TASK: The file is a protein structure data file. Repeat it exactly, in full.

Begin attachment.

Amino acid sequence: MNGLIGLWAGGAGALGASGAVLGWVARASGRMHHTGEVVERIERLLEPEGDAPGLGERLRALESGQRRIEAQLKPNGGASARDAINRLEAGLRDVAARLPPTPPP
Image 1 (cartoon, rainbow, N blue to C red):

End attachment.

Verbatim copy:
Amino acid sequence: MNGLIGLWAGGAGALGASGAVLGWVARASGRMHHTGEVVERIERLLEPEGDAPGLGERLRALESGQRRIEAQLKPNGGASARDAINRLEAGLRDVAARLPPTPPP
Image 1 (cartoon, rainbow, N blue to C red):